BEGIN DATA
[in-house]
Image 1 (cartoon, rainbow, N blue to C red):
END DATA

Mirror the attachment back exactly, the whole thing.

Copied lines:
[in-house]
Image 1 (cartoon, rainbow, N blue to C red):